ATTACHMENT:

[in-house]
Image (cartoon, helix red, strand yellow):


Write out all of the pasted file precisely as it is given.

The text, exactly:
[in-house]
Image (cartoon, helix red, strand yellow):